The Fresh Loaf

News & Information for Amateur Bakers and Artisan Bread Enthusiasts

Breaking new ground with "mash breads"?

Appleseeed's picture
Appleseeed

Breaking new ground with "mash breads"?

Ok, so I've seen alot of info online about "mash breads" with different flours, and "spent grain breads", but I'm wondering if there has been more experimentation with "mash" breads using roughly milled, MALTED grains such as barley, rye and wheat. Not flour. Heating them up to ~150 for about an hour or longer, in order to bring out the maximum amount of sugars from the grain. In reading about how to make whole grain breads taste good, this seems the optimal route, both health wise, and taste wise. I haven't seen much info on this, other than with spent grains (in which most of the sugars have already been lost), and methods using diastatic malt powder, or just wheat flour, which just seems to be less interesting,and also less practical and healthful. Any info out there on this?

 

Bob

Nickisafoodie's picture
Nickisafoodie

if you put "spent grain" in the search box above you will see a lot of posts where people have made bread with these by products.  I didn't dig into the posts for more than a minute - but I would think on some level they wouldn't taste as good as lots of the flavor compounds have been extracted out.  Guessing you would need to add sweetner and herb/nuts to get anything approaching a typical loaf.  or blend in say 1/3 spent with 2/3 regular flour.   

Some of the pics show nice looking loaves, but not seeing much in terms of how they taste - granted I only looked at a couple of posts....

Appleseeed's picture
Appleseeed

I have not tried "spent grain" bread making, however I have recently made a bread where we mashed the grains in 150 degree F water, and used the sweet water and grains in the bread. It was delicious. I am just befuddled that with as many spent grains recipes there are out there, I haven't seen more people try this NON spent grain method. Lots of different varieties of roasted malts out there available, and it seems to really enrich the bread with a nice sweet roasty flavor, dark color, and fibery richness from the coarse grind. 

 

Bob

clazar123's picture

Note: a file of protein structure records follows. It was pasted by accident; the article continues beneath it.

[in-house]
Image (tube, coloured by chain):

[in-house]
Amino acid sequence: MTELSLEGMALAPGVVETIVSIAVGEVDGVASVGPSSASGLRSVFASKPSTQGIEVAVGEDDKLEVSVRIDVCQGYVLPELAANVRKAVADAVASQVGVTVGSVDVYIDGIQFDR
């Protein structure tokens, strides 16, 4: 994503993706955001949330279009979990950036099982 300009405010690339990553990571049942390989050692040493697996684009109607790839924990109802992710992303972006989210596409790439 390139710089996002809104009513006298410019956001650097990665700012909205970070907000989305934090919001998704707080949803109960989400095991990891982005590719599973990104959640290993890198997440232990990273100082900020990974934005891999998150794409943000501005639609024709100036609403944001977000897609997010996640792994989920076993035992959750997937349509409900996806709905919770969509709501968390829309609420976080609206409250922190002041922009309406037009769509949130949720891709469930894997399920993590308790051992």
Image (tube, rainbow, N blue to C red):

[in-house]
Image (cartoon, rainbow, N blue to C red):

clazar123

Try entering "mash" in the search box. A few years ago, there was a discusion on this. Ananda may have been one of the contributors so you might try searching his posts.There was a "how to" portion on how to keep the mash at proper temp for the period needed to properly develop the flavors-that is a tidbit I remember.

 I believe one of the popular authors (Reinhart?Hammelman?) had a chapter on this topic also-I just don't remember which one as I never used the info-it was just of minor interest to me at the time.

I am interested in hearing more about using spent grains in a loaf. Perhaps I am probably looking for a lazy way to incorporate more flavor.Currently I use preferments,long rises and natural levain and small amounts commercial yeast to encourage flavor development. It would be interesting to use spent grains as an additive.

The grains I have seen for sale at a local brew store would be quite expensive for bread making. Maybe that is the local market. Spent grains , on the other hand, are given away.

Appleseeed's picture
Appleseeed

I checked out some old posts by ananda, thanks for pointing me in the right direction. I do agree that the homebrewing grains are a little pricey, but the results are way worth it to me. I suppose if you're a homebrewer it'd be a little more practical. You don't need much in a loaf to get significant flavor and color. Spent grains being given away - I'd also be wary of how old they are. Doesn't take long for those to get .... ripe.... to put it lightly. Wouldn't want any off flavors in my bread.

 

Bob